We are fortunate to live in a modern society with its many conveniences and technological advances. Gone though, are the days of leaving our cars, businesses, and homes unlocked. We can do things in our personal lives that were previously unimaginable because of computers, smartphones, smart devices, the Internet, and “the Internet of Things.”
The situation is much the same in cyberspace. As a Navy, we are much more effective and lethal because of technology, in particular because computers have helped us design better and innovate at a much faster pace than our adversaries. But, as in the physical world, there are bad actors in cyberspace, and we need to protect the Navy and ourselves from their persistent attacks.
These cyber threats are unseen but just as real as physical ones, and cyber systems must be protected from them, whether they are connected to other systems or not.
Every day, bad actors – from nuisance hackers to capable cyber adversaries or nation states – probe the Department of Defense’s information systems and connected devices millions of times, looking for openings in our cyber defenses. They seek any opportunity to remove sensitive information, compromise our systems, or disrupt operations.
According to a 2019 report, almost 50% of industrial control system networks showed evidence of malicious activity. These types of networks host systems similar to those that control our ships and infrastructure. Although the main attack vector was through the Internet, the second most common attack method was through removable media, such as thumb drives, which even affected disconnected systems.
More unsettling than attempted compromises of our networks and control systems are potential attacks against our increasingly computerized and connected weapons systems. In 2018, the Government Accountability Office found that “…testers playing the role of adversary were able to take control of systems relatively easily and operate largely undetected.”
Most attacks targeting individuals and businesses are motivated by financial gain. Ransomware threatens to publish the victim's data or block access to it unless a ransom is paid. Other attacks are designed to steal financial or confidential information but some, like the Shamoon computer virus that erased files and made infected computers unusable, are meant to destroy our information systems at great price to businesses and the nation. The monetary impacts of some attacks, such as the MyDoom virus, which caused $38.5 billion in damages worldwide, are difficult to comprehend.
Highly skilled cyber professionals defend the Navy’s networks, systems, and data but you play a critical role in keeping the Navy safe at work, and protecting yourself at home.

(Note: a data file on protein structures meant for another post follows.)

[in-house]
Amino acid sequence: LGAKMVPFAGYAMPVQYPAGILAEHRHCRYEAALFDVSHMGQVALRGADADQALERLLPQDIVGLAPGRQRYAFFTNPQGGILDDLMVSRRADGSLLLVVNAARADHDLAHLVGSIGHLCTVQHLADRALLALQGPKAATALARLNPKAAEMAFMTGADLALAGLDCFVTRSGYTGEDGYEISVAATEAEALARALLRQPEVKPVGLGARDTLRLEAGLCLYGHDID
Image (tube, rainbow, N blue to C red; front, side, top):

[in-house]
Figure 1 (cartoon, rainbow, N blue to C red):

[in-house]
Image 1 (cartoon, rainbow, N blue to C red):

The 2020 Verizon Breach Report identified the most common threat actions that led to organizational breaches as phishing and the use of stolen credentials, which includes passwords that are often saved to files on the computers they are meant to protect. Hackers cracked passwords or used stolen credentials in 80% of their successful hacks.
Phishing relies on deceiving someone like you to click on a malicious link or download an infected attachment. If you don’t know the sender or notice spelling and format errors in an e-mail you receive, contact the sender to verify its authenticity. By creating strong passwords, you can keep adversaries from gaining a foothold in our networks or preventing hackers from compromising your personal data.
Over the next few weeks, we will explain how to recognize phishing attacks, and how to create strong passwords. We will also describe other steps you can take to protect the Navy and yourself from cyberspace bad actors who are ready to exploit any weaknesses they find.
Whenever you use a device with a computer chip, you are in the cyber battlespace. Understanding your role in the cyber fight is critical for the Navy because our adversaries are becoming more capable every day. A recent Harvard University study that measured countries’ cyber capabilities (including their offensive capabilities) and their intentions to use their cyber powers concluded that "China’s cyber power is only second to the U.S.”
The CNO has repeatedly emphasized the importance of cybersecurity and the role Navy personnel play in worldwide Naval operations: “For the Navy to compete, fight and win across the spectrum of our operations – I need you to understand the gravity of the cyber threats we face. Be vigilant, and know our ability to prevail depends on what you do in cyberspace.”
Republished from Navy Live Blog, the Official Blog of the U.S. Navy: http://navylive.dodlive.mil/.